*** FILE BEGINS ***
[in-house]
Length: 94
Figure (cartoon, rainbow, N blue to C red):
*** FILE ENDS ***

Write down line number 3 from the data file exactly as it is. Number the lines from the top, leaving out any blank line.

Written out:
Figure (cartoon, rainbow, N blue to C red):